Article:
As a bill to help homeowners in foreclosure reaches the desk of Governor Tim Pawlenty, many doubt the bill will make it into law. Governor Pawlenty has repeatedly said he will veto the Minnesota Subprime Foreclosure Deferment Act because, according to his spokesperson, “it would negatively impact the credit market for the approximately 98 percent of homeowners not in foreclosure.”
In a letter submitted to the House of Representatives in April, industry representatives threatened to raise the price of credit – the rate of interest charged to borrowers, including mortgage holders – if the bill goes through, claiming it will harm their investors and damage lenders and investors confidence in loan contracts in Minnesota, making them unwilling to lend to subprime borrowers
Professor Prentiss Cox, of the University of Minnesota Law School and one of the bill’s authors, vehemently disagrees.
“These are the worst kind of false choices presented,” he said in an interview on Thursday. “It’s essentially class warfare.”
Palwenty’s office did not return phone calls requesting an interview.
Pawlenty is bowing to empty threats, Cox says, because the bill will deal with two kinds of mortgages that are now illegal in the State of Minnesota, and that are not related to the mortgages held by those 99% of homeowners not in foreclosure whom Pawlenty says he wants to protect. In short, Cox says, mortgage lenders will not be affected by the bill, and furthermore they have no power to carry out their threats.
Because of a law passed last year in the wake of the credit collapse, subprime loans and negative amortization mortgages are illegal to sell in Minnesota. Furthermore, the subprime market nation-wide has collapsed, making such loans virtually unavailable. These types of loans form most of the mortgages in foreclosure around the state, but the loans originated before the laws was passed. “How can you raise the price of credit that doesn’t exist,” Cox asked.
The only kind of interest rates lenders can now change are the so-called “prime rate” mortgages, issued to borrowers with good credit. If the companies who testified at the State House try to increase the price of prime credit without being forced to by changes in the economy, other lenders will offer mortgages at a normal, or “rational” price. Lenders who raised the interest rates on their mortgages will find themselves undercut by companies selling cheaper mortgages, and be forced to lower their prices to avoid losing their customers to their competitors.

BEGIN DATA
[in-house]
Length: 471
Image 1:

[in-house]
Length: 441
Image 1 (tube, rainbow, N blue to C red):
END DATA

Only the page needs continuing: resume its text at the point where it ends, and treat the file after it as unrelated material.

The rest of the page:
The only way around this, said Professor Cox, is a highly illegal agreement between every lending company to keep prices artificially high to punish Minnesotans for not following their dictates.
By buying into the financiers’ empty threats, Cox said, Gov. Pawlenty is trying to divide the majority of homeowners from the 30,000 people per year facing foreclosure, up from 4,000 people per year in past years.
First, most people in foreclosure are not wealthy, Cox said.
Usually, people fall into foreclosure because they lose their job, or are overwhelmed by health bills. The dramatic increase of the past two years, Cox said, was “strictly a problem of mortgage origination.” He blames lenders for irresponsible and unfair lending practices, such as selling mortgages whose rates suddenly increase from the original rate the customer thought they’d be paying.
The onus should be on the lenders whose ill-considered practices led to a collapse of the market, Cox said.
In typical environments, more regulation means the average consumer will take some loss; however, this is “not a regular regulatory environment,” Cox said. “It’s damage control.” The bill’s proponents have been at pains to describe the proposed legislation as reasonable, limited, and not an additional regulatory burden. They say it would not penalize mortgage-holders with good credit.
The bill would give owner-occupants with sub-prime or negative amortization mortgages the option of applying to the state for an affidavit saying they have an illegal mortgage, says Barbara Jacobs of the MN housing project. The borrower then has to go through mortgage counseling, and can pay reduced installments for a year after the bill is signed into law.
Homeowners would still have to pay their full mortgage, Jacobs said, but they would be given greater bargaining power versus lenders, because they would be able to stay in their homes until a federal solution takes effect. That is much longer than the lenders would prefer, since any federal solution will be less profitable than seizing and auctioning off mortgaged properties, Cox said
For his part, Cox blames Pawlenty’s opposition on the governor’s Vice Presidential ambitions. The governor, he said, needs to make sure he has a solid conservative record in office.
“This is why he’s had three press conferences to say he’s in favor of motherhood, apple pie, and loan counseling.” Cox said. “Everyone thinks loan counseling is a good idea, but it’s only a first step.”
James Sanna (firstname.lastname@example.org) is an intern and writer at the Twin Cities Daily Planet